A 21-year-old who has asked to be identified by the initials B.A says she had to share extra screenshots with people who accused her of faking her post. In December, she posted screenshots of a text exchange with her dad, where he demanded she drive him around even though she had to go to work. When she protested, her dad replied: "I don't give a shit what u have to do. Your [sic] driving me […] tomorrow. You should fucking be ashamed of yourself."

Despite a few negative messages from trolls and the need to prove the screenshots weren't faked, B.A says the subreddit was incredibly supportive, adding that most people helped to validate her feelings. "I felt very heard and seen," she says. "I've been dealing with that behaviour, mostly alone, for my entire life, and I struggle with trusting myself and believing that I'm a bad person through internalising. I posted because I felt like I had to know what others thought of the interaction." She says the supportive response helped her gain perspective.

"Our sub is first and foremost a support sub," say the moderators. They believe the page is a place where teenagers can come and "know that the abuse they've suffered is not a normal experience". In the past, the moderators have also taken action by calling Child Protective Services (after seeing a Facebook post in which a mother gave her children bleach to drink in an attempt to cure them of autism).

Dr Dawn Branley-Bell, a cyberpsychologist at Northumbria University and an expert in online communication and behaviour, says it may be useful for the moderators to flag useful resources – such as charities and helplines – in the sidebar, but believes the subreddit overall is presently a useful space. "Generally I don't feel that the use of this online space is particularly dangerous or negative, and the benefits of social support and community are far greater," she says.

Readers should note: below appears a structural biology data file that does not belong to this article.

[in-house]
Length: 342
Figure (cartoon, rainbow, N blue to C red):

After his post about his dad destroying his phone blew up, Owen initially felt "uncomfortable" with the situation and was concerned he'd "lost control" after people used his post to debate religion, rather than simply focus on his father's actions. Yet, overall, he's pleased about his place in the sub's history. "Younger people can see what others went through and they know they're not the only ones, and they can kind of make fun of it – even though it's kind of a serious situation, they can make the best out of it by sharing it with people and maybe having some fun," he says.

Owen now lives away from his parents and is trying to rebuild a relationship with his dad. "I remember back then I felt really bad and I didn't know what to do," he reflects of the incident. "It was one of the worst nights of my life, and now I'm looking back at it I'm in such a good place. It just feels good to see such an improvement in my life."

@ameliargh